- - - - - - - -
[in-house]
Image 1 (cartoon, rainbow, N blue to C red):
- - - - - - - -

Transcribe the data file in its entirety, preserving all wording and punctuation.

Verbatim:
[in-house]
Image 1 (cartoon, rainbow, N blue to C red):